What drew you to Munich (and MCQST)?

As I said above, I am not a stranger to Munich. I studied at TUM for two years and this is where I met some of those professors that deeply inspired me and drew my attention to a career in theoretical physics. During the diploma thesis I worked with Jan von Delft at LMU, and we stayed in contact for many years until I heard of the START Fellowship and chose him to host my application. I knew that his group would be the perfect match for me and my research agenda.

The most attractive aspects of the START Fellowship are its independence and the opportunity to hire and supervise students. This is what I wanted all along: to share my ideas with young and eager colleagues and to try out as many of my ideas as possible. In addition, the broader research environment in Munich is outstanding, and I have just started to reach out and explore by visiting MPQ, and I have another lab visit scheduled at TUM in Garching next week.

What was your most memorable moment or proudest achievement in your research at MCQST thus far?

As I started only recently in fall, many of the new projects are still on the way. However, in December, when the compute cluster finished calculations using our newly developed simulation method for spin systems, I was very pleased to see how well the data reproduced existing benchmark results. This was when I realized that my hopes I had put into this new method might become true, and recently, more and more colleagues seem to be getting excited about it as well.

Besides my own research, I am always excited when the students I supervise give their weekly research updates in the meeting within the larger group. It feels good to see that those fragile and vague research ideas that you handed over to them are prospering, being pushed on by the student's curiosity and ingenuity, and how less and less oversight is required with each new equation and figure added to a thesis work.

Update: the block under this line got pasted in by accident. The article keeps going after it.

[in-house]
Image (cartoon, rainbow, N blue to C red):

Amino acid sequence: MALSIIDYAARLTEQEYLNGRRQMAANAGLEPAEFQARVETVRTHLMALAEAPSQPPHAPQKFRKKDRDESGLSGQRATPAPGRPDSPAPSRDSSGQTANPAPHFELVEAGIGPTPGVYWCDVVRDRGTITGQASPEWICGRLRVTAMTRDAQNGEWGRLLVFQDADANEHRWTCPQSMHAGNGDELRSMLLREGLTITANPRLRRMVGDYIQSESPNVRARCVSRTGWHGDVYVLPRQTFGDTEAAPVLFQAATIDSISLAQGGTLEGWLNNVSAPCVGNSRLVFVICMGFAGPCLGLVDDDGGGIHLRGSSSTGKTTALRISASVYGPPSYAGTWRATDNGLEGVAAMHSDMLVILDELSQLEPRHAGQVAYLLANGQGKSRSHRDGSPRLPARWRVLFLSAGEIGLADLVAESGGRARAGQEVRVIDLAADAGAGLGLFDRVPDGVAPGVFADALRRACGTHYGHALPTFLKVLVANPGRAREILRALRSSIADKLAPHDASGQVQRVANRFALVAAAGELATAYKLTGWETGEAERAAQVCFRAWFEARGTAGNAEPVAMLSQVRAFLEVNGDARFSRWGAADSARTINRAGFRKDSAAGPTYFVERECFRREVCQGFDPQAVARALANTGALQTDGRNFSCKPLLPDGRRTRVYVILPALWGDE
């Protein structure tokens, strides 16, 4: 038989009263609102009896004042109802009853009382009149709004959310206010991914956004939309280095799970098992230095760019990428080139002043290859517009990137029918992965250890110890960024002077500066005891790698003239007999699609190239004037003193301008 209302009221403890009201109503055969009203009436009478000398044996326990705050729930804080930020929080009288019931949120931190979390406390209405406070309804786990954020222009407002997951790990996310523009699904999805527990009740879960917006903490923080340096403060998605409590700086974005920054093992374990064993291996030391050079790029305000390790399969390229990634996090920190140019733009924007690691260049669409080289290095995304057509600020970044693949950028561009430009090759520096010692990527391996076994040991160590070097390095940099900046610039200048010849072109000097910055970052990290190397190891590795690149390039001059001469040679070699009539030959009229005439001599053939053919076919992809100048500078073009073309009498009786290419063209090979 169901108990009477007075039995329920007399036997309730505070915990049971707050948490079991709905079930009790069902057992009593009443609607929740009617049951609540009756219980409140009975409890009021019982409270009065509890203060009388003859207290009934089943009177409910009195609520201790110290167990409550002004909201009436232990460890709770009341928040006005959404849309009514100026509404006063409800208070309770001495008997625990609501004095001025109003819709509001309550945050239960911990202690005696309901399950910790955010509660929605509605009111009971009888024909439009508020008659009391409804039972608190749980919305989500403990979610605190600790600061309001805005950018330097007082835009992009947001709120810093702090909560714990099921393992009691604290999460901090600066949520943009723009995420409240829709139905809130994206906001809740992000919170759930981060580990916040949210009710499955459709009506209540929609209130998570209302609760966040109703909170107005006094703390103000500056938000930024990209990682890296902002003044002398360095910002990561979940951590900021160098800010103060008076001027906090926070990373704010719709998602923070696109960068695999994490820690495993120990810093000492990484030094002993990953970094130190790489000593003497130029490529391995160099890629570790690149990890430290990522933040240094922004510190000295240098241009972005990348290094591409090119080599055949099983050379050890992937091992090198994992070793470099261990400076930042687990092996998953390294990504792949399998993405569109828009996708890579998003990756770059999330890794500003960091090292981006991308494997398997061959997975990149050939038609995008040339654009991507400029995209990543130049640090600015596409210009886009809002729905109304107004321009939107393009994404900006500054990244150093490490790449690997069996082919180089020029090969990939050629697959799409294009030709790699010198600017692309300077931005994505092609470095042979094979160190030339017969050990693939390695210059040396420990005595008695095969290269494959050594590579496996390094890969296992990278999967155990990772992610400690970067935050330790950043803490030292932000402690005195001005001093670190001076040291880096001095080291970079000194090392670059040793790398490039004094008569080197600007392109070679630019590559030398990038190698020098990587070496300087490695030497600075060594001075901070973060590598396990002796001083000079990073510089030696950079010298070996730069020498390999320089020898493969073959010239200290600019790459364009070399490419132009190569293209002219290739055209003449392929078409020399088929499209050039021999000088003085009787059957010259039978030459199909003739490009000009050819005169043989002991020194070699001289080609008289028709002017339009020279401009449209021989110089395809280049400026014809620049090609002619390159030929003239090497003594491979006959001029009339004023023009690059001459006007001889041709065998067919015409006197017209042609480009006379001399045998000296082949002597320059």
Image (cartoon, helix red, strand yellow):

bjorn_sbierski_image_2_resized © Christoph Hohmann / MCQST

"The most attractive aspects of the START Fellowship are its independence and the opportunity to hire and supervise students."

Outside of science, what do you enjoy doing most?

With an office job all revolving around equations, computer codes, and thinking, I enjoy going outdoors to balance my life. I love hiking and mountaineering, biking, running, skiing -- whatever you can do outside. Often enough, good ideas or solutions for pressing physics problems come naturally once I leave the office and get to spin my legs on my bike.

What advice would you give to someone at the beginning of their physics career?

Pick a PhD advisor who you personally like and get along with. It must feel comfortable sitting together and talking science. And it should be fun -- otherwise it is not right and you are probably wasting your time.

Start pursuing your own research ideas early. Don't wait for your advisor to feed you ideas.

And take your questions seriously: If there is a step in your calculation that you don't quite understand, and you wonder about it but just move on, it is most certainly coming back to bite you.

Reach out to other researchers you find inspiring early, even if they are kind of famous. You will find out that most of them like to share their knowledge and enthusiasm.

What kind of support do you think it’s important for early career scientists to have?

I think it is crucial to have some independence in the choice of your projects, and some experienced scientists to talk to and bounce off ideas. On the other hand, I found it important to advise students early on to grow into the mentor role.

Find out more about our START Fellowship and Björn's research.